The tax-benefit system is unfair to people who are living in poverty. It appears to be generous, but it is not. Most people do not understand how unfair the current system really is.
- The system make little difference to the incomes of the poorest
- People in poverty pay the highest rates of tax
- It is hardest for the poorest to earn, save and be a family
- Most money actually goes to the better-off
To make things worse the current UK government is targeting the benefit system for cuts (£18 billion annual cut by 2014-15) – this is shown in Figure 1. It has declared that the benefit system is in need of radical reform and it is in the final stages of passing its Welfare Reform Bill. Under the cover of something that could have been good – a redesigned tax-benefit system – we will have something that is an attack on disabled people and people in poverty.
Figure 1 Planned changes to annual UK central government expenditure by 2015
One of the things that has made this possible is the great confusion that exists in the minds of the media and, hence, the public about the way the benefit system works.
In many respects the current system works by a sleight of hand. It appears to be generous (giving about £180 billion in benefits and pensions) but actually it takes almost all of this money back through the tax system. Only a tiny amount of the benefit system provides a net benefit.
Figure 2 is based on data published by the government on the net effect of benefits and taxes for households. Households vary in size, but on average contain nearly 3 people. As the chart shows, 40% of households see their net incomes increase after benefits and taxes – but only by a very modest amount.
Figure 2 Net impact of tax-benefit system on household income (ONS data, 2009)
The overall positive adjustment for the 40% of households who do see a net improvement is only £25 billion (only 13% of all benefits paid out, about 5% of government spending and about 2.5% of GDP). The reason that this is possible is that benefit recipients are also tax payers – so much so that the benefit system hardly benefits them at all. Almost all benefits are paid back as taxes.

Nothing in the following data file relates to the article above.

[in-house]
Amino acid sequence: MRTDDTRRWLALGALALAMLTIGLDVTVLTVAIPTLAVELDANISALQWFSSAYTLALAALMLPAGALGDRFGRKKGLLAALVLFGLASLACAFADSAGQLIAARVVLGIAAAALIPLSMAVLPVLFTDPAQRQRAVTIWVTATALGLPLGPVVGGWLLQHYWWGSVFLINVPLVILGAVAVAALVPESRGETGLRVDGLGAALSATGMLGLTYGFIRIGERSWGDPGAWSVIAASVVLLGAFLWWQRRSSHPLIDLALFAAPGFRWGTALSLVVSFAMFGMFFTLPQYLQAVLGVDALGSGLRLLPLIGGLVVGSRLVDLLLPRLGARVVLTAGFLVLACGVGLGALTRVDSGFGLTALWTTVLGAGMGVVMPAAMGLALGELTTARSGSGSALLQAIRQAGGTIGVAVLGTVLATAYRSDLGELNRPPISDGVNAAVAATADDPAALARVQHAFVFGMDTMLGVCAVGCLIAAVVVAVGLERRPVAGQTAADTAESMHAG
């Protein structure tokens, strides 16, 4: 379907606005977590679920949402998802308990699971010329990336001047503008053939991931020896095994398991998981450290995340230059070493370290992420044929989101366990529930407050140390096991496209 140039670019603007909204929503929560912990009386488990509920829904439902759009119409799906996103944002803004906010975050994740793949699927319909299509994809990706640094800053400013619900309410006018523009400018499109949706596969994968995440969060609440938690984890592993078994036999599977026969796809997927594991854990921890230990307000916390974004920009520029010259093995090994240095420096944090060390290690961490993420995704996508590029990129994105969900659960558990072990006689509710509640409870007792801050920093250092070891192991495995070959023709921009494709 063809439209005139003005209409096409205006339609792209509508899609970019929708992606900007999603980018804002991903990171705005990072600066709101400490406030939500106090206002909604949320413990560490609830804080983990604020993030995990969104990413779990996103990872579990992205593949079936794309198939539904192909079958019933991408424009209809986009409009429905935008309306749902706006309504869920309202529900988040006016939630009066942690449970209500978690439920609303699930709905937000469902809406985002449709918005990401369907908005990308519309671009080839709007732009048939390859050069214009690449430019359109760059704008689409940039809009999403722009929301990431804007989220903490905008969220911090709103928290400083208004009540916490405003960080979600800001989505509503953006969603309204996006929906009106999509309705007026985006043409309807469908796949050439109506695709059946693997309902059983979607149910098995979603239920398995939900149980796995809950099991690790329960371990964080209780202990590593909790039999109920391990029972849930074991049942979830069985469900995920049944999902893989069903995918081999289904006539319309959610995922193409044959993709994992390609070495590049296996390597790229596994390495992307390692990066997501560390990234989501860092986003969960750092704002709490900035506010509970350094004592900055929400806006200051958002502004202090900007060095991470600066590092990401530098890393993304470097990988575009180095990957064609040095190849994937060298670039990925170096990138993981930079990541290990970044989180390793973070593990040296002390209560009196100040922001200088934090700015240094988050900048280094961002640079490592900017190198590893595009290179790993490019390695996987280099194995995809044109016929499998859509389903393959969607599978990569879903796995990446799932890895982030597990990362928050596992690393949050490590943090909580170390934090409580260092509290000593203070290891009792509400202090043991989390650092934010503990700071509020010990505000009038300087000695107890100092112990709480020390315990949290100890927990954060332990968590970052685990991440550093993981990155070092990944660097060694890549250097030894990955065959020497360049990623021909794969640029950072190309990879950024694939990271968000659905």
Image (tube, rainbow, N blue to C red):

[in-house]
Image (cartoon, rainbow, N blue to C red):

On average the poorest 10% of households are only £1,500 better off after paying their taxes (less than £28 per week). The idea that the benefit system is overly generous and needs to be capped is ludicrous.
Super tax payers
The poor not only pay taxes they also pay the highest taxes. See Figure 3 which shows the rate of tax paid by each group. For instance, the poorest 10% of households pay 47% of their income in tax. This is a higher percentage than any other group. We forget that people in poverty pay taxes because we forget how many different ways we are taxed:
- Income tax
- National Insurance
- Council tax
- Social care charges, and many others taxes
Figure 3 Average income and tax paid by household for each decile (ONS data, 2009)
In addition people in poverty also pay extreme rates of what is called marginal tax – the amount paid to government for the next pound earned (although this tax is disguised as a ‘benefit reduction rates’ and is part of the benefit system). Often people are paying taxes at marginal rates of over 100%.
This problem, known as the ‘poverty trap’ is so great that the government has slowly begun to recognise that people often find that working can make them poorer. However the government’s plans for solving this problem are problematic. Their strategy is to:
- Pay private organisations to ‘get people back to work’ and reward shareholders with savings from reduction in benefits
- Reduce the value of the minimum benefit level, so that those in poverty are even poorer
- Change and simplify the system so that the advantages of work appear to be greater